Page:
View Entire Collection
By Clinical Topic
Diabetes – Summer 2012
Future of Nursing Initiative
Heart Failure - Fall 2011
Influenza - Winter 2011
Nursing Ethics - Fall 2011
Trauma - Fall 2010
Traumatic Brain Injury - Fall 2010
Fluids & Electrolytes
WEDNESDAY, Jan. 16 (HealthDay News) -- Pandemic influenza A (H1N1) infection in pregnancy is associated with an increased risk of fetal death, and vaccination is associated with a non-significant reduction in the risk of fetal death, according to a study published online Jan. 16 in the New England Journal of Medicine.
Siri E. Håberg, M.D., from the Norwegian Institute of Public Health in Oslo, and colleagues linked Norwegian national registries and medical consultation data to explore the safety of influenza vaccination of pregnant women among 117,347 eligible pregnancies in Norway from 2009 through 2010.
Within the sample, fetal mortality was 4.9 deaths per 1,000 births. During the 2009 influenza pandemic, the researchers found that 54 percent of pregnant women were vaccinated in their second or third trimester. The risk of an influenza diagnosis was significantly reduced with vaccination during pregnancy (adjusted hazard ratio [aHR], 0.30). The risk of fetal death was significantly increased among pregnant women with a clinical diagnosis of influenza (aHR, 1.91). Vaccination during pregnancy correlated with a non-significant reduction in the risk of fetal death (aHR, 0.88; 95 percent confidence interval, 0.66 to 1.17).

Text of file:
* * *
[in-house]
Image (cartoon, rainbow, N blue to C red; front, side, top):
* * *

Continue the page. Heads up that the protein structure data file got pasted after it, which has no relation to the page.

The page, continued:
"Given the danger posed by maternal influenza virus infection for fetal survival, our study adds to growing evidence that vaccination of pregnant women during an influenza pandemic does not harm -- and may benefit -- the fetus," the authors write.
Sign up for our free enewsletters to stay up-to-date in your area of practice - or take a look at an archive of prior issues
Join our CESaver program to earn up to 100 contact hours for only $34.95
Explore a world of online resources
Back to Top